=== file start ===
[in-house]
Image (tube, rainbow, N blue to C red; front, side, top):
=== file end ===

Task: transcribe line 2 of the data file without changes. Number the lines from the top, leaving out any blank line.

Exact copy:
Image (tube, rainbow, N blue to C red; front, side, top):